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Margarine, as a generic term, can indicate any of a wide range of butter substitutes. In many parts of the world, the market share of margarine and spreads has overtaken that of butter. Margarine is an ingredient in the preparation of many foods and, in recipes and colloquially, is sometimes called oleo, short for oleomargarine.
Modern margarines can be made from any of a wide variety of animal or vegetable fats, mixed with skimmed milk, salt, and emulsifiers. Like butter, margarine is about 80% fat, 20% water and solids, flavored, colored, and fortified with vitamin A, and sometimes D, to match butter's nutritional contribution to the human diet. The oil is pressed from seeds, purified, hydrogenated, and then fortified and colored, either with a synthetic carotene or annatto. The water phase is usually reconstituted, or skimmed milk, that is cultured with lactic acid bacteria to produce a stronger flavor. Emulsifiers such as lecithin help disperse the water phase evenly throughout the oil, and salt and preservatives are also commonly added. This oil and water emulsion is then heated, blended, and cooled. The softer tub margarines are made with less hydrogenated, more liquid, oils than block margarines.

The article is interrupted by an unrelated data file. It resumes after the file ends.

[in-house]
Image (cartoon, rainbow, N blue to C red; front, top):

Three main types of margarine are common today:
Source and Photo Credit: wikipedia.org
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